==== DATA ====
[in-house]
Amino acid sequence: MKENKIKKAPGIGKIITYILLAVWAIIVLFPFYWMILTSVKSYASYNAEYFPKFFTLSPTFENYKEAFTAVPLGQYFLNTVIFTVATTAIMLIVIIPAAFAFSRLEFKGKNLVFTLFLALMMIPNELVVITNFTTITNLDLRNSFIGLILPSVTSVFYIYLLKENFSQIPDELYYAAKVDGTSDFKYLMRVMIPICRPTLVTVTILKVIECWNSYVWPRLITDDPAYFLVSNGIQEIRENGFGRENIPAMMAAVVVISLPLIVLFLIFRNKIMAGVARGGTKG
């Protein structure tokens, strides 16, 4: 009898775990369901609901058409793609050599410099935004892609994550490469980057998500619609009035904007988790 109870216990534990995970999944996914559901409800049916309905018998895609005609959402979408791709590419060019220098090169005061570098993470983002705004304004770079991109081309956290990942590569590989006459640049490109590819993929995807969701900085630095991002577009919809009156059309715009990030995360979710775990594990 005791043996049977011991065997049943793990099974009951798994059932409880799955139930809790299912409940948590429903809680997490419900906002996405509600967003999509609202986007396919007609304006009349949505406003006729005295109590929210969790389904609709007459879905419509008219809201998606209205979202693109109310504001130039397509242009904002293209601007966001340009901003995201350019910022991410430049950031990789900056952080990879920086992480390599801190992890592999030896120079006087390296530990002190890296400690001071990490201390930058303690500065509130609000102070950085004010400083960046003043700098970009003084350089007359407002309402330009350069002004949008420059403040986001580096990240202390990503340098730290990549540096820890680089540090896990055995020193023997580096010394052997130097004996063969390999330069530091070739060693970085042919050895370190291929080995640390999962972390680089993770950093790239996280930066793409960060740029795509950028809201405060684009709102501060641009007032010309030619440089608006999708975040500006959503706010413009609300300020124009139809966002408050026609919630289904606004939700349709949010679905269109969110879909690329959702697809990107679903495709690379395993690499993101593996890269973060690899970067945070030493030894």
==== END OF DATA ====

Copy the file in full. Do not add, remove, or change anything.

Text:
[in-house]
Amino acid sequence: MKENKIKKAPGIGKIITYILLAVWAIIVLFPFYWMILTSVKSYASYNAEYFPKFFTLSPTFENYKEAFTAVPLGQYFLNTVIFTVATTAIMLIVIIPAAFAFSRLEFKGKNLVFTLFLALMMIPNELVVITNFTTITNLDLRNSFIGLILPSVTSVFYIYLLKENFSQIPDELYYAAKVDGTSDFKYLMRVMIPICRPTLVTVTILKVIECWNSYVWPRLITDDPAYFLVSNGIQEIRENGFGRENIPAMMAAVVVISLPLIVLFLIFRNKIMAGVARGGTKG
């Protein structure tokens, strides 16, 4: 009898775990369901609901058409793609050599410099935004892609994550490469980057998500619609009035904007988790 109870216990534990995970999944996914559901409800049916309905018998895609005609959402979408791709590419060019220098090169005061570098993470983002705004304004770079991109081309956290990942590569590989006459640049490109590819993929995807969701900085630095991002577009919809009156059309715009990030995360979710775990594990 005791043996049977011991065997049943793990099974009951798994059932409880799955139930809790299912409940948590429903809680997490419900906002996405509600967003999509609202986007396919007609304006009349949505406003006729005295109590929210969790389904609709007459879905419509008219809201998606209205979202693109109310504001130039397509242009904002293209601007966001340009901003995201350019910022991410430049950031990789900056952080990879920086992480390599801190992890592999030896120079006087390296530990002190890296400690001071990490201390930058303690500065509130609000102070950085004010400083960046003043700098970009003084350089007359407002309402330009350069002004949008420059403040986001580096990240202390990503340098730290990549540096820890680089540090896990055995020193023997580096010394052997130097004996063969390999330069530091070739060693970085042919050895370190291929080995640390999962972390680089993770950093790239996280930066793409960060740029795509950028809201405060684009709102501060641009007032010309030619440089608006999708975040500006959503706010413009609300300020124009139809966002408050026609919630289904606004939700349709949010679905269109969110879909690329959702697809990107679903495709690379395993690499993101593996890269973060690899970067945070030493030894």